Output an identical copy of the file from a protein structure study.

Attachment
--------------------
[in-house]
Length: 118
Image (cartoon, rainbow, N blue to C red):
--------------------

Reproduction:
[in-house]
Length: 118
Image (cartoon, rainbow, N blue to C red):